Has the book been widely read in Afghanistan? Has it been translated?

To the extent that it can be read in a country where 70% of the people are illiterate. There's virtually no awareness of it, I think, in the countryside. Within the urban areas, much more, but even then, basically among the educated professionals. A lot of people are [illiterate]. That's hopefully changing how. I think one of the successes of Mr. Karzai's regime has been in the field of education. That tide is turning.

There is awareness. I was in Kabul last month and I found that the awareness of my book was largely in the expat community. But film was different. Film is a whole different medium.

Cinematical: If you hear that there are pirated copies of the film The Kite Runner being sold in Kabul, will you feel depressed or vindicated?

That's a fait accompli. That's going to happen within days of the film's release. Nobody can kid themselves about that. That's just reality. It's not my film per se, so I won't feel any more – there are pirated copies of my book, you know, in Iran, where it's had multiple printings. They're written my letters that said, 'We're going to publish your book. Unfortunately, we don't have copyright laws, so we're going to publish your book. We just wanted to let you know.'

The imagery that really comes across in the book and the film is of the kite flying and the kite running. Can you speak about where you came up with that?

That's one of the central images of my own childhood. I spent a lot of winters in my childhood flying kites with my brother, with my cousins, with friends in the neighborhood. It's what we did in the winter. Schools close down. There was not much to do. There was a movie theater that played the same film for three or four weeks, so you had to find something – we flew kites is what we did. And the way they're shown in the film is really kind of exhilarating that you're up there with the kite. It's quite thrilling the way the special effects guys have pulled that off. Visually, it's pretty breathtaking.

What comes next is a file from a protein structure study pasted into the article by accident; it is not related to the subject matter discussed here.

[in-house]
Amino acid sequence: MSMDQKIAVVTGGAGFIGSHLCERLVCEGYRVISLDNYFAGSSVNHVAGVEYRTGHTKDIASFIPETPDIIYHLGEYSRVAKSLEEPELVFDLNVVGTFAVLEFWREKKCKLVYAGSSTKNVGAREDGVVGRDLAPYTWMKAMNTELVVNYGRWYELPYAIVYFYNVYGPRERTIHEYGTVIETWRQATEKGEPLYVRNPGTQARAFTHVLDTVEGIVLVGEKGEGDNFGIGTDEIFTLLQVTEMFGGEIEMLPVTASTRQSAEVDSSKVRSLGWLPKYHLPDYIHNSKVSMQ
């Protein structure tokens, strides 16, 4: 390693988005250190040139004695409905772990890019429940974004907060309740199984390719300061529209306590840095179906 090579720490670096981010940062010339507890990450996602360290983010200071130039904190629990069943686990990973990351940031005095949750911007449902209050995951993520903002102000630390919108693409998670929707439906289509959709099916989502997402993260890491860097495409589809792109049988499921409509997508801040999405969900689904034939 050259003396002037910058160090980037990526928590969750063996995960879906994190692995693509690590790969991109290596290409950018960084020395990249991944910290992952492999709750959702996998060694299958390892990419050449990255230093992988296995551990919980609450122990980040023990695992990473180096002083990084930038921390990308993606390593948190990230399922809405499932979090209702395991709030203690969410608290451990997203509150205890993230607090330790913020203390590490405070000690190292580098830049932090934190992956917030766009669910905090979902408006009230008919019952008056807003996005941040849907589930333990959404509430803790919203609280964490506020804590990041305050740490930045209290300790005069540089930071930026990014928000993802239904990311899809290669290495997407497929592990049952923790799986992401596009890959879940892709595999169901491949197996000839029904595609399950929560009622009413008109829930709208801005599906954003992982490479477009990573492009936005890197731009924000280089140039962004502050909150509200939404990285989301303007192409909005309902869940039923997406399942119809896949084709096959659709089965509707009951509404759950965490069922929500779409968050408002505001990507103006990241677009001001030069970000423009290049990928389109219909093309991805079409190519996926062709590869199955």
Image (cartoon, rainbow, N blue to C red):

There was a kite master on the set, a guy whose life is – he's a kite fanatic. He's from Afghanistan and he's a master kite flyer himself. He was on the set throughout the shoot in China. He helped choreograph all the kite scenes and he taught the kids how to hold string and how to do it convincingly. A lot of energy went into creating those scenes.

How many years was it from the time you left Afghanistan until you were able to visit again, and what was the most shocking thing you found on returning?

27 years. I left when I was 11. I went back when I was 38. The most shocking thing was actually seeing with my own eyes and walking and feeling with my own hands just the devastating effect of two decades of war. And seeing the people who were affected by it. And seeing the neighborhoods that I knew from the '70s demolished, obliterated essentially. It was quite shocking. It's one thing to see it on TV. It's another thing to actually walk in the streets and see those homes completely razed and imagine what is must have been like the moment a rocket hit that home, who was present, who was inside that home. People would say "There are still bodies underneath those things."

Cinematical: When they signed Marc, did you breathe a huge sigh of relief that you didn't have to think about imagining Michael Bay's The Kite Runner or some other worst-case scenario?

That was never a real fear, because I didn't option the book to people who would hire Michael Bay to direct The Kite Runner. Bill Horberg and Rebecca Yeldham are very literate, well read, smart, eloquent people who have adapted several novels to the screen and haven't gone that route. I enjoyed all three of Bill Horberg's adaptations, The Quiet American, Cold Mountain, and The Talented Mr. Ripley. I thought all were classy production and had a lot of merit, so I didn't really fear that that was going to happen.